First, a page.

All steel-framed buildings derive basic structural support from a frame composed of horizontal steel beams and vertical steel columns. Structures must also be able to resist lateral forces produced by wind and earthquakes. In some steel frame structures, this lateral resistance is derived from the presence of diagonal braces or masonry or concrete walls. In welded steel moment-frame buildings (WSMF), the ends of the beams are rigidly joined to the columns so that the buildings can resist lateral forces without the assistance of additional braces or walls. However, earthquakes occur, the welded joints that form these connections can fail, and the building loses some of the strength and stiffness it needs to resist these loads. Once the welded joints fail, other types of damage can also occur, including damage to bolted joints and subsequent severing of beams or columns resulting in a localized collapse. Generally, WSMF buildings constructed in the period from 1964-1994 are vulnerable to this damage. This course has been prepared to provide a nontechnical summary of the valuable information contained in four FEMA/SAC publications, an understanding of the risk associated with WSMF buildings, and the practical measures that can be taken to reduce this risk.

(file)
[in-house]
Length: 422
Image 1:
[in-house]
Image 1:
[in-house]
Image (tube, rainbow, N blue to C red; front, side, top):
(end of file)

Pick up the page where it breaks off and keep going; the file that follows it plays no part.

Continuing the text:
Learning Units: 3.0 LU/HSW (3 hours)
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